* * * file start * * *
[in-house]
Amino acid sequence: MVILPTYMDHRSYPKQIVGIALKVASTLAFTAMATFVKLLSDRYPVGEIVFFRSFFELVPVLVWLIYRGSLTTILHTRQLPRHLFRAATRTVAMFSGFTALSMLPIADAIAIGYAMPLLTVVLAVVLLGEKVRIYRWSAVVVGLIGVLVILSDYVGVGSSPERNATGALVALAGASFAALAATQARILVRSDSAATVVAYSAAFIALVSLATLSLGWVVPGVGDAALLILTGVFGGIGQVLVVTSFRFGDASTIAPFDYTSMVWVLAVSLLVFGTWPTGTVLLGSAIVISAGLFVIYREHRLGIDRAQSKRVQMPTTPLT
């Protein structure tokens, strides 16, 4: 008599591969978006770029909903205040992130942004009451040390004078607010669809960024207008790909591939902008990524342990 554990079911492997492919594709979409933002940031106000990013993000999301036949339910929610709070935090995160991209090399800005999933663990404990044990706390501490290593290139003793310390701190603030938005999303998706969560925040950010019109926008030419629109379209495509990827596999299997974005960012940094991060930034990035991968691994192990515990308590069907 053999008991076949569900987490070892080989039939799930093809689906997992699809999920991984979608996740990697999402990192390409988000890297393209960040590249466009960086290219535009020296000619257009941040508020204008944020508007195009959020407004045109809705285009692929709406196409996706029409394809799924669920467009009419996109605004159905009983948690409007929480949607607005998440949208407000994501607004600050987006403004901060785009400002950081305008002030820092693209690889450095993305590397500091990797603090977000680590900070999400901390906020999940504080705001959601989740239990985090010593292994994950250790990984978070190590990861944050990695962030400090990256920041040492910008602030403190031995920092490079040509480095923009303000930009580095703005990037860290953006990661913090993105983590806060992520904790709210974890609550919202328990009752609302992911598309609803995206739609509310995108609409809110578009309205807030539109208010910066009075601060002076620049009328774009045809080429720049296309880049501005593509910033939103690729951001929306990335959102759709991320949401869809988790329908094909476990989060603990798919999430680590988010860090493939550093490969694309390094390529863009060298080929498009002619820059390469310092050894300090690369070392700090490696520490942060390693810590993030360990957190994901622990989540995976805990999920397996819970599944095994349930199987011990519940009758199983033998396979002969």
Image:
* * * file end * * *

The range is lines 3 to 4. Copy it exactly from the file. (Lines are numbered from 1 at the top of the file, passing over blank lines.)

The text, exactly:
């Protein structure tokens, strides 16, 4: 008599591969978006770029909903205040992130942004009451040390004078607010669809960024207008790909591939902008990524342990 554990079911492997492919594709979409933002940031106000990013993000999301036949339910929610709070935090995160991209090399800005999933663990404990044990706390501490290593290139003793310390701190603030938005999303998706969560925040950010019109926008030419629109379209495509990827596999299997974005960012940094991060930034990035991968691994192990515990308590069907 053999008991076949569900987490070892080989039939799930093809689906997992699809999920991984979608996740990697999402990192390409988000890297393209960040590249466009960086290219535009020296000619257009941040508020204008944020508007195009959020407004045109809705285009692929709406196409996706029409394809799924669920467009009419996109605004159905009983948690409007929480949607607005998440949208407000994501607004600050987006403004901060785009400002950081305008002030820092693209690889450095993305590397500091990797603090977000680590900070999400901390906020999940504080705001959601989740239990985090010593292994994950250790990984978070190590990861944050990695962030400090990256920041040492910008602030403190031995920092490079040509480095923009303000930009580095703005990037860290953006990661913090993105983590806060992520904790709210974890609550919202328990009752609302992911598309609803995206739609509310995108609409809110578009309205807030539109208010910066009075601060002076620049009328774009045809080429720049296309880049501005593509910033939103690729951001929306990335959102759709991320949401869809988790329908094909476990989060603990798919999430680590988010860090493939550093490969694309390094390529863009060298080929498009002619820059390469310092050894300090690369070392700090490696520490942060390693810590993030360990957190994901622990989540995976805990999920397996819970599944095994349930199987011990519940009758199983033998396979002969």
Image: